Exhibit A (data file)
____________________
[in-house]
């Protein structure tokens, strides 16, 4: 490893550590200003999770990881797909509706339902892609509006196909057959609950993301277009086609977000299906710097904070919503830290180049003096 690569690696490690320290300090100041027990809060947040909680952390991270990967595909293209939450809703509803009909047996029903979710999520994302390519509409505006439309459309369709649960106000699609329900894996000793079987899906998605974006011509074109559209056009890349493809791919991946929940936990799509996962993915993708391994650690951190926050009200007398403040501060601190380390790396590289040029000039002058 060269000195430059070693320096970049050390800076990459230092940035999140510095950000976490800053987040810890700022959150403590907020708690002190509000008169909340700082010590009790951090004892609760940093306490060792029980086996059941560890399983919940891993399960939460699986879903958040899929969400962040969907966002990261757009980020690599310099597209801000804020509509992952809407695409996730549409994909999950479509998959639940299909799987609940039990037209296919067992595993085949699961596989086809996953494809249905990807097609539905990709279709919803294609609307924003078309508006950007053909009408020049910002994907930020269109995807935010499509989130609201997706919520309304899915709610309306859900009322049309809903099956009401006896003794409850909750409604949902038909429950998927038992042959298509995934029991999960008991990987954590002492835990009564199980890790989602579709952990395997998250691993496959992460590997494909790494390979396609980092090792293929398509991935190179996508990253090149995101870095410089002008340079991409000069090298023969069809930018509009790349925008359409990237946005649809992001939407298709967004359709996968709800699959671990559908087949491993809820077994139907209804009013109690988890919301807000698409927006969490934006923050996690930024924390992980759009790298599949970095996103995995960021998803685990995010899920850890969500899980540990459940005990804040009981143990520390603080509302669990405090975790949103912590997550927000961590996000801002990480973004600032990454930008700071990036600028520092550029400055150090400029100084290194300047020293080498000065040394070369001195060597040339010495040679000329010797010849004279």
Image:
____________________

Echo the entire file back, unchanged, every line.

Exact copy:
[in-house]
């Protein structure tokens, strides 16, 4: 490893550590200003999770990881797909509706339902892609509006196909057959609950993301277009086609977000299906710097904070919503830290180049003096 690569690696490690320290300090100041027990809060947040909680952390991270990967595909293209939450809703509803009909047996029903979710999520994302390519509409505006439309459309369709649960106000699609329900894996000793079987899906998605974006011509074109559209056009890349493809791919991946929940936990799509996962993915993708391994650690951190926050009200007398403040501060601190380390790396590289040029000039002058 060269000195430059070693320096970049050390800076990459230092940035999140510095950000976490800053987040810890700022959150403590907020708690002190509000008169909340700082010590009790951090004892609760940093306490060792029980086996059941560890399983919940891993399960939460699986879903958040899929969400962040969907966002990261757009980020690599310099597209801000804020509509992952809407695409996730549409994909999950479509998959639940299909799987609940039990037209296919067992595993085949699961596989086809996953494809249905990807097609539905990709279709919803294609609307924003078309508006950007053909009408020049910002994907930020269109995807935010499509989130609201997706919520309304899915709610309306859900009322049309809903099956009401006896003794409850909750409604949902038909429950998927038992042959298509995934029991999960008991990987954590002492835990009564199980890790989602579709952990395997998250691993496959992460590997494909790494390979396609980092090792293929398509991935190179996508990253090149995101870095410089002008340079991409000069090298023969069809930018509009790349925008359409990237946005649809992001939407298709967004359709996968709800699959671990559908087949491993809820077994139907209804009013109690988890919301807000698409927006969490934006923050996690930024924390992980759009790298599949970095996103995995960021998803685990995010899920850890969500899980540990459940005990804040009981143990520390603080509302669990405090975790949103912590997550927000961590996000801002990480973004600032990454930008700071990036600028520092550029400055150090400029100084290194300047020293080498000065040394070369001195060597040339010495040679000329010797010849004279």
Image: